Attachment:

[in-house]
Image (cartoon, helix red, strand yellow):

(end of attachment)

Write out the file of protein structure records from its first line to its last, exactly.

[in-house]
Image (cartoon, helix red, strand yellow):